steel cut oatmeal with maple sauteed apples

oatmeal maple sauteed apples 6

On a holiday, who wants cold cereal and milk for breakfast? No, something special is in order for the morning of Thanksgiving, but with a day of feasting ahead, it’s nice to get a somewhat healthy start. And with a day of cooking ahead, breakfast can’t be too complicated.

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Steel-cut oatmeal fits the bill perfectly. Because steel-cut oats take the better part of an hour to cook, you’re probably saving it for weekends already. The oatmeal itself is healthy, but the caramelized apples make it a treat without overdoing the decadence first thing in the morning.

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Steel-cut oatmeal isn’t mushy like oatmeal made from rolled oats is. The larger chunks of groats never completely soften, so it’s almost like eating tapioca pudding for breakfast – if tapioca pudding was packed full of fiber. It tastes nutty and slightly sweet on its own, especially after being toasted, but slices of browned apples make this oatmeal just right for a holiday – without being so decadent that it can’t be enjoyed any weekend.

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One year ago: Shredded Beef Tacos
Two years ago: Pumpkin Mushroom Soup
Three years ago: Decorated Sugar Cookies

Printer Friendly Recipe
Steel-Cut Oatmeal (from Cooks Illustrated)

Serves 4

3 cups water
1 cup whole milk
1 tablespoon unsalted butter
1 cup steel-cut oats
¼ teaspoon table salt

1. Bring the water and milk to a simmer in a large saucepan over medium heat. Meanwhile, heat the butter in a medium skillet over medium heat until just beginning to foam; add the oats and toast, stirring constantly with a wooden spoon, until golden and fragrant with a butterscotch-like aroma, 1½ to 2 minutes.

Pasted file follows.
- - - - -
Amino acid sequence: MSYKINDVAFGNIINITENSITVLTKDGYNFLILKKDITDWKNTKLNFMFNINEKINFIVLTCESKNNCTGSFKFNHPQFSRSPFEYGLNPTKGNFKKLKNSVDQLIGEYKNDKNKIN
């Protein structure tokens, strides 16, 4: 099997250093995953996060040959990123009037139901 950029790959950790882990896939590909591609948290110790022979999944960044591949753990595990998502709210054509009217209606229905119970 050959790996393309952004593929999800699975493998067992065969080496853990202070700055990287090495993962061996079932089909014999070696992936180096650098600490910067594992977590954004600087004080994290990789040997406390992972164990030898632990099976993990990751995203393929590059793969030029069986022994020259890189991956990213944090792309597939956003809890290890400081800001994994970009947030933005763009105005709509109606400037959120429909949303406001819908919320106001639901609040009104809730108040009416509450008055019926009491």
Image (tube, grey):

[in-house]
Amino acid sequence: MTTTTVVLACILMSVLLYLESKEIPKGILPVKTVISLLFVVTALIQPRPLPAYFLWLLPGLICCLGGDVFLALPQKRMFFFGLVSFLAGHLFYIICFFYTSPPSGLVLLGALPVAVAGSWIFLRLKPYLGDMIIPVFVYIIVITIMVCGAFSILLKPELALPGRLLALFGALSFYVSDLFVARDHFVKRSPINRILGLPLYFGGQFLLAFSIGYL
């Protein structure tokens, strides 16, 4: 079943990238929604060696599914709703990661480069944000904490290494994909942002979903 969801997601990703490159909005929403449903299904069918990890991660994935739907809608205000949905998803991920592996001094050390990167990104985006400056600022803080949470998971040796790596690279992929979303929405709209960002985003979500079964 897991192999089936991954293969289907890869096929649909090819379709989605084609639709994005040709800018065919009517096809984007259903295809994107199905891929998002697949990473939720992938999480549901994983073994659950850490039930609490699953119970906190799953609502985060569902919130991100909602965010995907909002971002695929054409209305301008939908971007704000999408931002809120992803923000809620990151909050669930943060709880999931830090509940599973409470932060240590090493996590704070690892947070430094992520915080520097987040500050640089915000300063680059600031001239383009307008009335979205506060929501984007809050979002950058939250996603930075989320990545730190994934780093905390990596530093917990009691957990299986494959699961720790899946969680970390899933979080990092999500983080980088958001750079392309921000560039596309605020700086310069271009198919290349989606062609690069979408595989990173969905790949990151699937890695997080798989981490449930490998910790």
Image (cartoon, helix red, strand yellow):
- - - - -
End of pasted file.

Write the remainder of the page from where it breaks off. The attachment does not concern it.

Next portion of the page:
2. Stir the toasted oats into the simmering liquid, reduce the heat to medium-low; simmer gently, until the mixture thickens and resembles gravy, about 20 minutes. Add the salt and stir lightly with the spoon handle. Continue simmering, stirring occasionally with a wooden spoon handle, until the oats absorb almost all of the liquid and the oatmeal is thick and creamy, with a pudding-like consistency, about 7 to 10 minutes. Off the heat, let the oatmeal stand uncovered for 5 minutes. Serve immediately with maple sautéed apples.

Maple Sautéed Apples (slightly adapted from Bon Appétit via epicurious)

2 tablespoons (¼ stick) unsalted butter
3 large firm apples (about 1½ pounds), peeled, cored, cut into ½-inch-thick slices
1 tablespoon plus ½ cup pure maple syrup
½ teaspoon ground cinnamon

Melt the butter in a large nonstick skillet over medium-high heat. Add the apples and 1 tablespoon maple syrup; sauté until the apples are tender, about 5 minutes. Mix in the remaining ½ cup maple syrup and cinnamon; simmer until slightly reduced, about 1 minute.

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Comments

  1. Jenn says:

    omg those apples look and sound gorgeous on that oatmeal! What a breakfast treat!

  2. Just had steel cut oats for the first time the other day. Never would have thought to toast them first. Sounds so good. Thanks for the inspiration, looking forward to breakfast already (only 12 hours to go).

  3. I love steel cut oats! I need to try toasting them. I cook mine overnight in my rice cooker on the brown rice setting (I set the timer so the oats will be ready when I wake up). The whole house smells like cinnamon and toasted oats at 6am! I’ll try this topping.

  4. Linda says:

    Yumm…. sounds so delicious. The butterscotch aroma sounds fabulous! I could eat this every morning!!

  5. you’ve figured out how to turn breakfast into dessert…I love it

  6. Jessica says:

    This sounds absolutely delicious! Best part? I already have everything to make it! I know what I am having for breakfast tomorrow! :-D

  7. I have a confession. I’ve never had steel cut oatmeal before…Maybe I should give it a shot.

  8. Tessa says:

    This looks so good. I wish steel cut oats didn’t take so long to cook. I would have this everyday!

  9. Oh dang, those apples look and sound so totally delicious. What an awesome accompaniment to steel-cut oats. On the weekends, I like to slow cook and huge batch of oatmeal for the week ahead and these will probably become a new topping to add to the mix. Will they keep in the fridge or do you think it’s probably best to just make them fresh each time? Also, do you think this would work with pears too?

  10. bridget says:

    TeenyLittleSuperChef – I think they’ll keep in the fridge really well, and it will definitely work with pears!

  11. This is a wonderful combination, and your photos are stunning!

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